Compelling economic evidence now supports how genomic sequencing saves both money and time1,2 and improves quality-adjusted life years3 in the diagnosis of the 3.5–5.9% of the population with rare diseases.4 To make this genomic diagnostic process more efficient, substantial attention has been appropriately paid to detecting and understanding the effects of sequence variants in the human genome.5 Linking genetic variants to diseases is challenging and is most successful in case–control studies or when comparing multiple affected and unaffected family members, for which excellent analytical approaches have been developed.6,7 In a clinical context, however, testing can only be ordered on the proband and one or both parents (if available), with results needed sufficiently rapidly to influence care. The genomic diagnostic laboratory relies on linking the variants present in the patient’s genome with the patient’s phenotypic features. When a pathogenic genetic variant has previously been found to be the cause of a disease, that associated disease is characterized by a set of Human Phenotype Ontology (HPO) terms.8 If the patient has a variant that appears potentially pathogenic, causality is supported if the list of HPO terms in the disease associated with a pathogenic variant of that gene significantly overlaps the HPO terms used to describe the patient. A number of phenotype-based variant prediction tools exist to perform this kind of variant prioritization.9

If the diagnostic laboratory is provided with a greater number of HPO terms describing the patient on whom sequencing was performed, the diagnostic yield is increased.10,11 The comprehensive collection of these HPO terms is very difficult to scale effectively. Ordering genomic tests for rare diseases involves providing the lab with a primary indication for the testing (e.g., hearing loss, seizures), but also requires communicating additional findings in the patient, sometimes through checklists completed as part of the test order, also potentially involving the diagnostic laboratory reviewing notes from the patient’s health record. The diagnostic laboratory staff then extract information from these sources and make decisions about how the phenotype can be represented as HPO terms. In critically ill children, an approach has been described that involves automated extraction of HPO terms from the electronic health record (EHR) using natural language processing,12 helping with the speed of generation of HPO terms.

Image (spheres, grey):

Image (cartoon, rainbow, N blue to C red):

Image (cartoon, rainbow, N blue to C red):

We have developed GenomeDiver as part of the NYCKidSeq project13 to help clinicians contribute more effectively to the diagnostic process. The NYCKidSeq project is jointly funded by the National Human Genome Research Institute and the National Institute on Minority Health and Health Disparities, and is one of seven national clinical projects that are part of the Clinical Sequencing and Evidence-generating Research Consortium (CSER).14 GenomeDiver facilitates the curation of HPO terms by the clinician quickly, in greater numbers and more accurately than is currently typical, with the goal of improving our ability to make diagnoses using genomic information.


The user-centered design process for GenomeDiver

We developed GenomeDiver using evidence-based participatory methods from design thinking.15 User research began with initial interviews with physicians and genetic testing laboratory staff, followed by a one-day stakeholder workshop and a design sprint to understand user needs, to define requirements, to sketch candidate workflows, to choose among them and to prototype. We included physicians (with and without specialist genetics training), genetic counselors, genetic testing laboratory personnel, research scientists, software tool builders, bioinformaticians and biologists, a designer, and a software engineer. The resulting concepts, sketches, and paper prototypes informed the designs for user experience, workflow, and user interfaces.

The GenomeDiver workflow: overview of a “dive”